There is one story that contains some mature content, so this is a book for grownups rather than YA audiences.
Preorders are now open on Google Play, Kobo, and Amazon, and will be opening soon in other digital stores. You can reserve your copy via jvlpoet.link/ldm
This is a ‘universal book link’ that will allow you to choose from among the stores in which the book is available, or to your preferred store if you’ve already set your preference at books2read.com.
It’s “all systems go” for release on August 24, when Lac Du Mort will slide happily into the device of everyone who has preordered. Some of the stores are offering a discount for preorders, so that’s a great way to support an author, grab a great new read, and get a bargain at the same time!
Lac Du Mort will also be available in paperback from a wide range of stores, for those who prefer staring at dead trees instead of glass.
When a man who never talks at breakfast clears his throat meaningfully at eight o’clock on a Monday morning, it’s an even bet he has something momentous to say. Jill Franklin looked at her husband to signify her attentiveness then waited for him to speak. He cleared his throat again.
“I’ve been a bit of a prat.”
She raised her eyebrows.
“What sort of a prat?”
“The usual sort.”
Jill fought the sudden temptation to throw the contents of her large cappuccino in his handsome face. Instead, she sighed.
“That’s such a cliche. Middle-aged man. New young secretary. I find myself insulted.”
He had the grace to blush.
“Yeah. I suppose you might at that. Look. I’m sorry. But it gets worse.”
“Worse than rank stupidity?”
“Much worse. She wants to marry me. And her uncle is Maximilian Shaw.”
“Jim. You are beyond idiocy. Whatever possessed you to…
Folks have asked me from time to time to share some insight into the imagery and ideas I use to deliver particular messages in my poems.
I love using word pictures and different ideas to present a new perspective or my feelings about a particular situation in my poetry. It’s a time honoured tradition that even Jesus made good use of, so I work hard to get it right.
When I was a kid, I loved watching those Saturday afternoon spaghetti westerns with cowboys, a town sheriff, swinging saloon doors and the customary cowboy gunfights. There were always pretty girls wanting both cowboys to win, but everyone knew that wasn’t the way those things worked. The bartender spent more time polishing the bar than any bartender in any pub I’ve ever seen, but hey – he had to be doing something when he wasn’t serving the cowboys their shots of dutch courage.
It’s the gunslinger imagery I’ve drawn on in ‘The Duel’.
We all know that movies don’t reflect the truths of real life as often as we thought they did when we were kids. But that’s the beauty of writing: I can make my characters do anything I want them do when I’m wielding the pen. If I can make them deliver a lesson while they’re doing it, even better.
So, I conjured up some cowboys – or cowgirls, if you prefer. I put spurs on their boots and pistols in their holsters. And I made one of them challenge the other to a duel.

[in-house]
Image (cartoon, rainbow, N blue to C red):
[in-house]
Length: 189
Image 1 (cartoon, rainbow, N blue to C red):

Hopefully, you’re interested enough to the rest for yourself.
I’d love to know what you think of the poem, but I’m also keen to know if you’re interested in reading more insights like this. Don’t worry, though – I have no intention of explaining every poem. I’d like to think my poems do that pretty well for themselves.
I was motivated to write this post by an experience I had a few weeks ago.
I posted a question on a blog post by someone who presents himself as a successful and popular author. He probably is, but his response to my question was quite scathing. When I explained why I hadn’t read every blog post he had posted, he was so rude that I took screen shots. Of course, he had no idea that I took screenshots, but it made me feel better because I had evidence to support my increasing dislike for him and his condescending attitude. Who did he think he was, anyway?
(I’ve concealed his identity here because I don’t feel like getting sued or anything like that.)
At this point, I made a decision to never buy his books, nor to help promote or encourage him in any way. I suspect several others probably made the same decision. When a friend went to read the exchange between us, he had deleted the whole thing, so I am sure he realised it wasn’t a good look for him. I highly doubt that it might occur to him to apologise for his rudeness, but I will never know, because I had promptly unfollowed his blog, deleted him from my twitter feed and blocked him on all social media.
Sure, my question might not have been the brightest or best he’s ever read. Even so, his response was condescending and made me feel really low. Who needs that kind of negativity in their life? I certainly don’t.
As an author who uses social media to build a following and hopefully sell my books, I can confidently state this is the least desirable outcome from interacting with others.
There is a valuable lesson that, whatever our profession might be, we can all take from this: never, ever, be an asshat to someone on social media. It’s far too easy to damage a reputation or a brand that you’re trying to establish and promote.
The choice between being either the low point or a bright spot in someone’s day isn’t so complicated. If people ask a question about your book, your blog, or your dog’s hind leg, simply be thankful they are interested enough to ask. Engage with them. Being friendly doesn’t cost anything, nor does it mean you have to pledge eternal friendship.
You will walk away with your integrity and your potential readership intact, if not a little more loyal towards you. As a writer, you can’t put a price tag on that.
*My original working title for this post was, in fact, “Why One Should Never Be An Asshat On Social Media”. I tidied it up a little. You’re most welcome.